In the recent past, NEMA has shut down a number of abattoirs around the country. This is mainly as a result of non-compliance with Environment Management and Co-ordination act (1999). The most recent case was in 30 January 2022 when NEMA ordered for the permanent closure of all 15 slaughterhouses in Kiamaiko. The authority wanted them to relocate to the newly built multimillion shilling slaughterhouse in Lucky Summer, Njiru. This was mainly because the slaughterhouses at Kiamaiko were polluting the Nairobi River and the authority wanted to put this to a halt. (S.Wanjiku., 2022) In 2008, NEMA was forced to shut down the Dagoretti abattoirs for a period of around 2 months for non-compliance of their environmental policies as River Kabuthi was being heavily polluted. This forced them to set up a biogas digester as well as anaerobic treatment ponds so as to avoid disposing waste into the river. The slaughterhouse was then reopened after presumably complying with the NEMA standards. Wastewater from the lagoons was then discharged into the public sewer after treatment. The biogas produced electricity to be used by the abattoir as well as the surrounding community. Biogas for cooking eased the financial and social burden of these families and reduce deforestation and land degradation. (Thaiya, 2008) However, the setting up of the biogas plant was done over 10 years ago. There has not been an upgrade of the structure to deal with the ever rising demand for meat in the city. The biogas plant set up at that time was however not efficient as the abattoirs produce more waste than the plant can handle. It is thus not able to deal with the capacity of the slaughterhouse. This simply implies that the standards set out by the National Environmental Management Authority (NEMA) have not been met. After a treatment plant has been set up, routine maintenance should be carried out in order to ensure waste has been efficiently treated.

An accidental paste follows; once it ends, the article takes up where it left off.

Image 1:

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Project Supervisor
Eng. Maxwell Odira
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